Life Story

Life Story

In an earlier post, Morning Routines, I said that I grew in a family that was lower middle class. My first experience with finance was of struggle and not success. This sentence, since I wrote it, has sat with me to where I can’t shake it. It keeps coming back through my mind when it is quiet. Feels like it is asking me to explore this deeper. So here I go.

As an adult, I believe that so many of the day to day things we do are all out of habit. Habits that we formed as children, habits that we formed in different seasons of our lives, habits that we took on from our parents because we model what we saw as a child. Maybe habits we learned from those we see as mentors or coaches. If Joe wakes up in the morning and shoots hoops for an hour and he is a successful basketball player, then I need to do the same to be successful. Most of us have a morning habit that looks something like mine. We get up, go to the bathroom, shuffle to the kitchen and make our coffee. We could and often times do this in our sleep. Habits are the foundation of the way we live our life. Some habits are formed out of survival and some out of day to day living. For most of us though the habits we form are because of our life story. Our life story or how we were raised, until we set out on our own, influences the way we live our life today.

I was raised in an environment where I saw my mother stress about money. How was she going to pay the bills and put food on the table. We did not take family vacations. That was not possible at times and sometimes if it was possible was viewed as a waste of money. Why spend it when you can tuck it away for when you need it. I remember my dad telling me with almost every paycheck I got as a teenager to, “not spend it all in one place.” He would follow it up with “it’s ok to have something left over in your bank account.” Even as a grown adult he asks me if I have money in my savings. All of this is done out of love and care to be sure all of his children are ok living on their own. My parents felt they were teaching us to be responsible with our money and our jobs. They felt this was creating work ethic and good humans. They were right in some ways and did the best they knew how to do based on their own life stories. What it created in me was someone fearful to spend money. Someone fearful to take a chance and risk a bit to see a possible return on investment. Someone who gives everything to her job so she does not lose it.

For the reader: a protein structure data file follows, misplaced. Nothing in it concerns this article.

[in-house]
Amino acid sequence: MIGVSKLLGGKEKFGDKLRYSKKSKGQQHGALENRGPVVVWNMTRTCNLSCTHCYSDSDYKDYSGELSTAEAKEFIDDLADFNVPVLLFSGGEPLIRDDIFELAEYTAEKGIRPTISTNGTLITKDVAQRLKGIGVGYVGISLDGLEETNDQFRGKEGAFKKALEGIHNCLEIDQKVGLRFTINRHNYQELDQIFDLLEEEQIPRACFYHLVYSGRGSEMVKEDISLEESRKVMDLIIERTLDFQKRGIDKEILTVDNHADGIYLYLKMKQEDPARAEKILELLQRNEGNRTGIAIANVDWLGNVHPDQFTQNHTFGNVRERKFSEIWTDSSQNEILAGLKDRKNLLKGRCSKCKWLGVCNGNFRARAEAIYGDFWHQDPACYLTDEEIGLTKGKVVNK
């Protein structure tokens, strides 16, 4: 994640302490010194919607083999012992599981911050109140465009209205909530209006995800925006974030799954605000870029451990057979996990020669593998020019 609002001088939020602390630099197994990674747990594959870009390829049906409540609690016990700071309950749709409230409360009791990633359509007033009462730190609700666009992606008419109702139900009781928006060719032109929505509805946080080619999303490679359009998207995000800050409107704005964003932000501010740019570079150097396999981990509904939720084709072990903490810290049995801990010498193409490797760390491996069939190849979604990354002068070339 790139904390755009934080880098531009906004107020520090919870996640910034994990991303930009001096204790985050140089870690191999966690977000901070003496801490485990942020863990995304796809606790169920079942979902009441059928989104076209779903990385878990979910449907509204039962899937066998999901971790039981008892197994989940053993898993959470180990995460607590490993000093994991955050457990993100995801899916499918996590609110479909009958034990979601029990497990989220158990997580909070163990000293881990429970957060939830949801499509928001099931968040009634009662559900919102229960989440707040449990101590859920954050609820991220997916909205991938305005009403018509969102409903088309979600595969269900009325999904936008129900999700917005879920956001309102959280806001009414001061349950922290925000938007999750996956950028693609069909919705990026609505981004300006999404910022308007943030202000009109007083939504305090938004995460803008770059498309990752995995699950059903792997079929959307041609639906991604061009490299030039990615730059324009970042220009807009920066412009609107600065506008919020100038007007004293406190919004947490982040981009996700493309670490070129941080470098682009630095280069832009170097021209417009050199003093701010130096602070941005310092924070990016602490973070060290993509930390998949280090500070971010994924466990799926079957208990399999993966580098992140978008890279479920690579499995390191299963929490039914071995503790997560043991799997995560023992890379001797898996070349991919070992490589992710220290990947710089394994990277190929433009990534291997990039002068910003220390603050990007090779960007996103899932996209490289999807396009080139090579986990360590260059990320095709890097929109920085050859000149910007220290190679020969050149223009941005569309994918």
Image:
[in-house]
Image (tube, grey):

What if my life story around finances was different? What if I was raised in an environment where money was out of success and not struggle? What would I have learned differently? Can I flip the switch on my upbringing, rewire my thoughts and learn it now?

Life by Default

Life by Default

Day 2 listening to podcasts, while having my coffee, is a success. I’m working on creating a habit where I replace reading work emails in bed or as soon as I wake up, with doing something to better myself. This goes back to yesterdays post about the law of first things and doing something in the morning to start your day that will guide the rest of your day. Today I listened to The Improvement Project podcast. I listened to an older episode, What is intentional living? I am trying out new podcasts everyday and I had listened to The Improvement Project last year while traveling. I like that they are short podcasts that make me think. This morning is no different and launched me into this blog post of living by default versus design.